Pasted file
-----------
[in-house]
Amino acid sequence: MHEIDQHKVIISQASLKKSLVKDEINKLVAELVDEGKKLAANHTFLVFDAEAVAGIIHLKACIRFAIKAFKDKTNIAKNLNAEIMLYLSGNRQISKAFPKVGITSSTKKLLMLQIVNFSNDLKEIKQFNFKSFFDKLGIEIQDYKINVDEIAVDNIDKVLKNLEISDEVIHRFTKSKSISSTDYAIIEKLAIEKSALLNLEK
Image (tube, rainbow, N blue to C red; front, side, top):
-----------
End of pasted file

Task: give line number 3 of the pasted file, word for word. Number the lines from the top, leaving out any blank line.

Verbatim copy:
Image (tube, rainbow, N blue to C red; front, side, top):